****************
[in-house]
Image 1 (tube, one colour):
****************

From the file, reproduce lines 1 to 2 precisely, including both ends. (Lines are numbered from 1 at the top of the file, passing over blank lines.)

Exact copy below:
[in-house]
Image 1 (tube, one colour):